Comedian and actor Rob Delaney moved from Los Angeles to London with his wife and family to write and star in the tv series Catastrophe. They settle in, but when their youngest child, who had been born in London, is a year old, he is diagnosed with a brain tumour. He dies aged two. The book relates, beautifully, the stages of Henry’s life. The initial culture clashes that come from being Americans in the UK; navigating the intricacies of the NHS for his birth; the initial realisation that something is wrong; the difficulties in getting a diagnosis. And then the surgeries, the chemo and other treatments, getting him home, the care they needed to provide due to the disabilities he had from the surgeries to save his life. The cancer coming back. The death of a beautiful little boy.
This is not a misery memoir. Rob Delaney is a comedian and he leans funny throughout, even though the ending is horrible. He also doesn’t linger on Henry’s death. It’s there throughout, you know it’s coming, but it is much more, to me anyway, about his life. The love his family had for him, and that which he had for them. His personality is in these pages, you can picture him easily. He is described with such love and care by a father who is absolutely devastated – and often furious – that his child is no longer here.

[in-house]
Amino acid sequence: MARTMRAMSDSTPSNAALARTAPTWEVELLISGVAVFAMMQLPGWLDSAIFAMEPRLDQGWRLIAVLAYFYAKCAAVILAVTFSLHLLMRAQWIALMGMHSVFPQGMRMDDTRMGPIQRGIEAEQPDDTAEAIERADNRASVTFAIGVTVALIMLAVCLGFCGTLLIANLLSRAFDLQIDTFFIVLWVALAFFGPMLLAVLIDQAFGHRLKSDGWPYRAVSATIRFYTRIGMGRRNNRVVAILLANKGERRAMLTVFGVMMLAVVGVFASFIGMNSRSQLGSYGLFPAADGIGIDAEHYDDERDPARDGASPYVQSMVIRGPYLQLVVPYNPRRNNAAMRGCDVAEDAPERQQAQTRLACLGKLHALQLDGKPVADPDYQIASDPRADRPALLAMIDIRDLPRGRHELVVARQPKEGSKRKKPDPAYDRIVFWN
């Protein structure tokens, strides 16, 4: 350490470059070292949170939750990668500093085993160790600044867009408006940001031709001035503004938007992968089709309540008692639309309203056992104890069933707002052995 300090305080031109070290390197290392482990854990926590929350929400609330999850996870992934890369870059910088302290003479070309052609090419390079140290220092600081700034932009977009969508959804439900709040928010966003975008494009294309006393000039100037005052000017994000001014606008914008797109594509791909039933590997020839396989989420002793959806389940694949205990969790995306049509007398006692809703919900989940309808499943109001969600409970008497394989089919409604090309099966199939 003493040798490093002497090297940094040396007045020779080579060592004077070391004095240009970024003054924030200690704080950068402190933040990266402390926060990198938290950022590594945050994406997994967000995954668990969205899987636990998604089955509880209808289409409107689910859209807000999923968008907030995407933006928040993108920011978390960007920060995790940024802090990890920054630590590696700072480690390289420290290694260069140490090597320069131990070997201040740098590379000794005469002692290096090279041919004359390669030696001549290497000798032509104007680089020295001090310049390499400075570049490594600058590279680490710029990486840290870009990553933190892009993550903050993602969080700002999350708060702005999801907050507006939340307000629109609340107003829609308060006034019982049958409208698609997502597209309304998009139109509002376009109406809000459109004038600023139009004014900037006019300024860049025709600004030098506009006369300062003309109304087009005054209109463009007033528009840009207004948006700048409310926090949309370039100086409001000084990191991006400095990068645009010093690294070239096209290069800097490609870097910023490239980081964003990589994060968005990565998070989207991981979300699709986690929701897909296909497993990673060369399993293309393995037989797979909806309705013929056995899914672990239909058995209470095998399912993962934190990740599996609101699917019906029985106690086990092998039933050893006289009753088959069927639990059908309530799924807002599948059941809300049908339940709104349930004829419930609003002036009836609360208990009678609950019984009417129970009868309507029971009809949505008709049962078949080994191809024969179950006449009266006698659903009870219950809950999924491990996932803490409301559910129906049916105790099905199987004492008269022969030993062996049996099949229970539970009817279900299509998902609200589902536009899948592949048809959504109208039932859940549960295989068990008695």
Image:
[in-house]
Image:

I seek out people writing about grief now. I’m in that zone since losing my mother last year. I need to know people feel the way I do. And even though a parent losing their child is a different kind of grief to a child losing their parent, it’s in the same frame. I appreciate people putting their feelings out for others to read if they need to, for people to share, because we as a society are so thoroughly terrible at dealing with grief. So many of us don’t know what to do about it, or how to talk about it. You lose someone and your life as you knew it is obliterated and yet you’re supposed to just carry on as normal. A hole has been punctured in the world but people ignore it. I am thankful for those who don’t.